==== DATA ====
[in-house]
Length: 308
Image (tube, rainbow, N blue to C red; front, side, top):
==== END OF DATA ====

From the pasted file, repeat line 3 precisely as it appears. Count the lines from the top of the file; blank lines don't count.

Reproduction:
Image (tube, rainbow, N blue to C red; front, side, top):